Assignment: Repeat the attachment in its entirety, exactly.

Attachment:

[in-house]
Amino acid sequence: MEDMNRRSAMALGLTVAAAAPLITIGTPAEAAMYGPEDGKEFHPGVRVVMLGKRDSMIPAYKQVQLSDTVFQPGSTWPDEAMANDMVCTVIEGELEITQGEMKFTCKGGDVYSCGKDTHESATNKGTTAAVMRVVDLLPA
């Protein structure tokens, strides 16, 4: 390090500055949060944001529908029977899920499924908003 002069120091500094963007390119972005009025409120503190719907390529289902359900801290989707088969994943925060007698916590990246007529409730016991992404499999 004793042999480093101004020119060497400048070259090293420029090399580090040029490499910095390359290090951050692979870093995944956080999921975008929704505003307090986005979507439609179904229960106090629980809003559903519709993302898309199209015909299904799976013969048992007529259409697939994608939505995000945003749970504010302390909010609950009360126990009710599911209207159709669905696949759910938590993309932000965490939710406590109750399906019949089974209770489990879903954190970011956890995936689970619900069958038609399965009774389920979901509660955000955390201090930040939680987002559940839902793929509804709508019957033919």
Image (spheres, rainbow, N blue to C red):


[in-house]
Amino acid sequence: MEDMNRRSAMALGLTVAAAAPLITIGTPAEAAMYGPEDGKEFHPGVRVVMLGKRDSMIPAYKQVQLSDTVFQPGSTWPDEAMANDMVCTVIEGELEITQGEMKFTCKGGDVYSCGKDTHESATNKGTTAAVMRVVDLLPA
């Protein structure tokens, strides 16, 4: 390090500055949060944001529908029977899920499924908003 002069120091500094963007390119972005009025409120503190719907390529289902359900801290989707088969994943925060007698916590990246007529409730016991992404499999 004793042999480093101004020119060497400048070259090293420029090399580090040029490499910095390359290090951050692979870093995944956080999921975008929704505003307090986005979507439609179904229960106090629980809003559903519709993302898309199209015909299904799976013969048992007529259409697939994608939505995000945003749970504010302390909010609950009360126990009710599911209207159709669905696949759910938590993309932000965490939710406590109750399906019949089974209770489990879903954190970011956890995936689970619900069958038609399965009774389920979901509660955000955390201090930040939680987002559940839902793929509804709508019957033919």
Image (spheres, rainbow, N blue to C red):